Why Google Must Commit To Hardware

by Tim Bajarin   |   February 27th, 2012

With the Nexus One and their recent purchase of Motorola, Google has more then signaled that they will soon be in the hardware business in a big way. And the recent rumors that they are building a 120,000 square foot consumer experience testing center on their campus suggest that they will test their own hardware along with partners products in order to create and deliver devices that are truly optimized for their Android and Chrome software.

This move is of course controversial since it means that they will be in direct competition with their customers and partners who back Android and Chrome. However, I don’t think Google has any choice but to go in this direction if they have any hope of gaining ground on Apple and try to stave off an imminent threat from Microsoft via their Windows 8 cross-device Metro strategy.

One of the facts that is becoming very clear to the industry at large is that Apple’s lead in hardware, software and services is a mammoth one. They are selling over 5 million Macs per quarter. The iPhone continues to be a hot product and while Android has gained much ground in units shipped against the iPhone, Apple is taking as much as 74% of all the profit in this space. And the iPad holds well over 80% of the tablet market share and this will be the case through this year too. And many of my research colleagues predict that even in 2015, Apple will have at least 60% of the tablet market.

But the key to Apple’s success is no secret. They are where they are because they own the hardware, software and services and combined they give Apple a significant advantage over their competitors. And while that too is no secret, what is not understood well by the outside world is that they architect their devices around their services. The best example of this is with the iPod. While the hardware itself is the profit center for Apple, it was the music service that was the critical component that made the iPod take off. From a hardware perspective, they architected it around the music service, which means they designed the iPod software, user interface and hardware dials so that they were optimized to deliver a great portable music experience.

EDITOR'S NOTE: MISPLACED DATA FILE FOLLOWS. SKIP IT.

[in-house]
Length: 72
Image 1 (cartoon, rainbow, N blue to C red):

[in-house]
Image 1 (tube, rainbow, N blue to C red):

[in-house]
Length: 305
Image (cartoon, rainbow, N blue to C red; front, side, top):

The same goes for the iPhone and the iPad. It is the services that drive the final UI and hardware designs and since Apple controls the entire eco-system, they can be assured that they deliver to their customers a unified and easy to use experience with their products.

Now consider the plight of the middleware software vendors like Google and Microsoft. What they bring to the party is a critical component of any final product via the OS. But both companies architect from the inside out, or only at the software level and then hand this off to their vendor partners who must now design their hardware around the software and hope the design can be optimized for the OS they have been handed. And from Google and Microsoft’s standpoint, they can only influence and hope so much that their hardware vendors will get it right.

Historically speaking, Microsoft has done the best job of creating strict technical guidelines that hardware vendors can follow, but Google’s approach to Android design is pretty much a moving target. Vendors have told me of all kinds of problems they have had getting strict hardware guidelines from Google for building Android devices.